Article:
The argument against SaaS is that it permits a single locus of (usually third-party and commercial) control for critical activities on the Internet, allowing regulators (good and bad) the prospect of “perfect enforcement.” A particularly scary example is the ability of regulators — and Batman — to turn SaaS-connected appliances, like cellphones and OnStar, into surveillance devices.
Again though, the validity of the book’s argument does not depend on (and therefore does not need) the demonization of SaaS. What Zittrain misses is that technologists turned to SaaS in Web 2.0 for very different reasons than business people turned to proprietary networks in the 90s. SaaS is largely motivated by the enormous complexity and cost of producing the sort of shrink-wrapped software that fueled the 80s and 90s, and distributing and maintaining in backward-compatible ways, .
Viewed that way, SaaS too is a massively generative force, not the sterile force Zittrain imagines it to be. SaaS has lowered barriers to entry into software innovation by driving distribution and field maintenance costs to near zero, enabling an entire generation of new startups. Interestingly enough, later in the book, Zittrain does acknowledge the feature of SaaS that mitigates its potential dangers and differentiates it from Compuserve-like technologies — the fact that the SaaS server-side software itself can be replicated and secured from monopolistic forces. If you are afraid of cops getting access to your activities on Digg, you can set up your own Pligg. If you don’t like Wikipedia, you can take both the MediaWiki software and its content and do your own thing with it. And the good folks over at GPL aren’t asleep — they’ve been busy trying to plug the SaaS loophole in GPL models.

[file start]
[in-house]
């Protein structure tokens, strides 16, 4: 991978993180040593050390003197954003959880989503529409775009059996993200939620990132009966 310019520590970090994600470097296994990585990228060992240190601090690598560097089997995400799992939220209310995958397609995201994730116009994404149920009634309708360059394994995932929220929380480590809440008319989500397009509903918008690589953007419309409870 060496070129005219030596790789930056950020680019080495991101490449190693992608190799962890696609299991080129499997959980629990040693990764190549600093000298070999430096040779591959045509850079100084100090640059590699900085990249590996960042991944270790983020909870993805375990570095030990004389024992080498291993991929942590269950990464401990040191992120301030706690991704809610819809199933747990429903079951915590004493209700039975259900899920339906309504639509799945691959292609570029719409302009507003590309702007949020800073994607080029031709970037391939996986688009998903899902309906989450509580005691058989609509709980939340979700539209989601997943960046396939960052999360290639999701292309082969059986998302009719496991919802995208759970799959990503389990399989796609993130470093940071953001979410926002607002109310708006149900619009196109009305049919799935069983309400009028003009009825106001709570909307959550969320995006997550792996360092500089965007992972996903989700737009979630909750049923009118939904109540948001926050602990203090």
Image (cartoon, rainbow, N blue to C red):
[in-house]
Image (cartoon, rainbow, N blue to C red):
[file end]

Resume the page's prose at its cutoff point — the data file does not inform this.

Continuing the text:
What’s more, SaaS systems can themselves be interlinked (much like the DNS server system) in a server-side P2P architecture if necessary, getting rid of most of Zittrain’s concerns (and he does love P2P).
Even the pairing Zittrain fears the most — SaaS combined with hardware appliances that accept software delivered remotely, as opposed to Web-only 2.0 applications — has largely been a generative force. Zittrain misses it because it is happening outside the realm of software, in hardware, and because it is early days yet. Consider for instance, the possibilities of the fabber. You could soon have desktop 3d printers that can print out functioning electromechanical devices, complete with batteries (I was fortunate enough to work for a couple of years in the same department as Hod Lipson’s research group, that is at the forefront of this coming revolution). Some companies, like Bug Labs, are already close. Connect some viral hardware to the Internet and the possibilities are limitless.